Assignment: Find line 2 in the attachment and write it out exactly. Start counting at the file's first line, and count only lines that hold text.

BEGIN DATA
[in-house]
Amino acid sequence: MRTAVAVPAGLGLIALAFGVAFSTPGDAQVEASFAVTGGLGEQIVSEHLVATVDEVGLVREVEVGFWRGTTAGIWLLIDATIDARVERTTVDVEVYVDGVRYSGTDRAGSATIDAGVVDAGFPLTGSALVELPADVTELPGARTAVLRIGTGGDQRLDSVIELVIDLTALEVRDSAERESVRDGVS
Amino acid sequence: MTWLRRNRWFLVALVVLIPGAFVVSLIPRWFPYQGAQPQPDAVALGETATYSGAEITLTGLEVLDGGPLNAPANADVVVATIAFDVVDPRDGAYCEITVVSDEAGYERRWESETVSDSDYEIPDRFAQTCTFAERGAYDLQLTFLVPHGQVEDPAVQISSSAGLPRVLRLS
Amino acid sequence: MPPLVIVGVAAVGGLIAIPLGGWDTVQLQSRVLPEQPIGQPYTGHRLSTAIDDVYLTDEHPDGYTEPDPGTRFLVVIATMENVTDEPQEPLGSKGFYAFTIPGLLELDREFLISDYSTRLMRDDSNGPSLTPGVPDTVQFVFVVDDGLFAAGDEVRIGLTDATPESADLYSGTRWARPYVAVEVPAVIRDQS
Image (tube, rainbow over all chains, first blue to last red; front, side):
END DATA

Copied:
Amino acid sequence: MRTAVAVPAGLGLIALAFGVAFSTPGDAQVEASFAVTGGLGEQIVSEHLVATVDEVGLVREVEVGFWRGTTAGIWLLIDATIDARVERTTVDVEVYVDGVRYSGTDRAGSATIDAGVVDAGFPLTGSALVELPADVTELPGARTAVLRIGTGGDQRLDSVIELVIDLTALEVRDSAERESVRDGVS